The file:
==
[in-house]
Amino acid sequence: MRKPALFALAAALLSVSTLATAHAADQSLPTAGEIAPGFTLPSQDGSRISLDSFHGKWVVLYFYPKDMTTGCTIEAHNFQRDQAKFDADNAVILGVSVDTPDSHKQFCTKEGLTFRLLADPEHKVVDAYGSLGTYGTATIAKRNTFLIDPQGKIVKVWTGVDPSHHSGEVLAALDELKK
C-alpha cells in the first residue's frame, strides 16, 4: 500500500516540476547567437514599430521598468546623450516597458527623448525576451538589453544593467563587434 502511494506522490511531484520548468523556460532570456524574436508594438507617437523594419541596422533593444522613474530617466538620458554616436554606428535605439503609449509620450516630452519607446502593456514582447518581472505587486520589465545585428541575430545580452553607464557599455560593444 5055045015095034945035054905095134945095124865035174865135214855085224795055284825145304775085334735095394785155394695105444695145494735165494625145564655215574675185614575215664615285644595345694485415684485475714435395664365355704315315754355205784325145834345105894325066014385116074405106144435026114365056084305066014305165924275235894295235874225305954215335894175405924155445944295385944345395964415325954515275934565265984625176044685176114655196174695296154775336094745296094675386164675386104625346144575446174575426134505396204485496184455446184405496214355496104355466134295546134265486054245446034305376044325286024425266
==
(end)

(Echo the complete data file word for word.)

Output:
[in-house]
Amino acid sequence: MRKPALFALAAALLSVSTLATAHAADQSLPTAGEIAPGFTLPSQDGSRISLDSFHGKWVVLYFYPKDMTTGCTIEAHNFQRDQAKFDADNAVILGVSVDTPDSHKQFCTKEGLTFRLLADPEHKVVDAYGSLGTYGTATIAKRNTFLIDPQGKIVKVWTGVDPSHHSGEVLAALDELKK
C-alpha cells in the first residue's frame, strides 16, 4: 500500500516540476547567437514599430521598468546623450516597458527623448525576451538589453544593467563587434 502511494506522490511531484520548468523556460532570456524574436508594438507617437523594419541596422533593444522613474530617466538620458554616436554606428535605439503609449509620450516630452519607446502593456514582447518581472505587486520589465545585428541575430545580452553607464557599455560593444 5055045015095034945035054905095134945095124865035174865135214855085224795055284825145304775085334735095394785155394695105444695145494735165494625145564655215574675185614575215664615285644595345694485415684485475714435395664365355704315315754355205784325145834345105894325066014385116074405106144435026114365056084305066014305165924275235894295235874225305954215335894175405924155445944295385944345395964415325954515275934565265984625176044685176114655196174695296154775336094745296094675386164675386104625346144575446174575426134505396204485496184455446184405496214355496104355466134295546134265486054245446034305376044325286024425266